Again, it was not the main focus. I wanted, again, to make it clear, to differentiate it… But if we’re looking from a different perspective, we can see this interoperability, we can see this diversity of the tooling. We can easily switch the Argo CD, for example, with Flux. We can use Spinnaker instead; we can use any other third-party provider. You can actually change that with GitHub Actions; you can completely [unintelligible 00:13:50.21] You can really choose different tooling here. But I wanted to maybe emphasize what are the stages and what is the result of all the stages, and make it simple.

That is really interesting, because even though we don’t call it out like that to basically build and deploy Changelog.com the app itself, we do something very similar. We use CircleCI as the CI, where the end result of the pipeline is a container image. So if tests pass, if dependencies get built, we compile static assets, JavaScript, CSS, and the end result is just a container image. And for the CD part, it used to be five lines of Bash, which would be like [unintelligible 00:14:39.04] Docker Compose days. That’s all it took, literally - a Docker update service with the latest image. And we replaced that with something called Keel.sh. I’m not sure whether it’s part of the CNCF, but it runs in the context of the Kubernetes, so you deploy it… And first of all, it receives WebHooks from Docker Hub; you can configure it like that when there’s like an update to the image, and then it will update the deployment with the latest version. I know that this goes against the GitOps mindset and the GitOps philosophy; I think that’s a very interesting topic, which I would like us to dig into… But that’s all it takes. And this separation, just to highlight what you’ve been mentioning - this separation works really well, in that you don’t have to change your CI to change your CD as well. They’re like two separate things. And whether it’s five lines [unintelligible 00:15:32.17] or whether it’s GitOps, or whether it’s something else, it doesn’t really matter. The point is you have this choice to maybe change them independently and not have them coupled together.

So migrating, in our case, from Circle CI to GitHub Actions is easier than if we had this really huge pipeline that had all sorts of secrets, and it knew where the Kubernetes clusters were running, and it needed access to those… So it definitely works. I can definitely say that it works, and that’s why I was trying to understand a bit more why you do that, because it’s a very good approach; it’s a really good approach to separate the two.

[00:16:06.18] Absolutely. Again, here it’s just preparing the mindset for – you actually build your own pipeline. And again, it’s more about the internal requirements you have within an organization. If you cannot choose open source tools, then probably you’ll need to run your own Jenkins servers, and run your CI/CD pipelines there… And that’s absolutely fine, because even if you use Jenkins, you still need an artifact; you still need to deploy it within an environment, be it in a data center… It doesn’t necessarily need to be a Kubernetes cluster, but the fundamentals are there. So I’m trying to provide this information that they can reuse in different environments.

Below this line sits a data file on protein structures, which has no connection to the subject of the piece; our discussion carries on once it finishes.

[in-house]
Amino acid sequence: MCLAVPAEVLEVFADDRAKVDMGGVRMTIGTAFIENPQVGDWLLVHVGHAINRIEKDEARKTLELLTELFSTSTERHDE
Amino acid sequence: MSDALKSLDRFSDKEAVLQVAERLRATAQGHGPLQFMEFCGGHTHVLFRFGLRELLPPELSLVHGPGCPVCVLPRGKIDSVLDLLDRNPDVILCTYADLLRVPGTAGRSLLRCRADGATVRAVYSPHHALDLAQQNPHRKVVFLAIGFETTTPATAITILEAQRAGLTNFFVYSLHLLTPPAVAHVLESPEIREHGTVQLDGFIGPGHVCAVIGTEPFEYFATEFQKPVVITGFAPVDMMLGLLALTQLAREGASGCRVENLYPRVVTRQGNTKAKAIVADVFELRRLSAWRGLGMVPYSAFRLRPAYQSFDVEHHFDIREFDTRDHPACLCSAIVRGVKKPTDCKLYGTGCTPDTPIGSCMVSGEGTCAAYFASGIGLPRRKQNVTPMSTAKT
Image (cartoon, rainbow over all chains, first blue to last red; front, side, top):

So I guess this philosophy – I call it the Unix philosophy, with small utilities, and then combine and compose in infinite ways… Is that what cloud-native is to you? Or is it something else?

I think it becomes that. What actually draws me to cloud-native is the diversity of tooling. And not necessarily the tooling, but the strategies… Because I’ve been interacting with many organizations, I’ve been talking with many engineers, and when you’re talking about the infrastructure and their platform setup, not one platform is gonna be the same. Even if they use Kubernetes, the way they use Kubernetes, the way they deploy to Kubernetes, the way they bootstrap the cluster, maintain it - all of these answers are gonna be different for every single organization, pretty much. I haven’t seen too much overlap from one setup to the other… And I think this is the beauty of this environment, of cloud-native - the diversity, this inclusivity of multiple solutions. You can actually leverage your product further. You can use very good fundamentals; you have a platform that pretty much can schedule your application, it can take care of it, it can restart it… You have higher abstraction layers, it’ll maybe scale your application, and so forth. You have the fundamentals. What you need to think about is how can you further leverage your product, and maybe use the tooling that are right for your organization in terms of budget, in terms of the resources you have; sometimes outsourcing is gonna be the answer, sometimes building everything in-house is gonna be the answer.

So it really varies, but the interesting part about all of these platforms - they’re different, but they leverage open source at the same time, and they try to contribute… I’m kind of amazed, because this small adoption, this small integration builds up to this organic growth of the entire cloud-native ecosystem, and open source tooling at the same time. This is maybe something very miraculous to observe and actually see how it grows.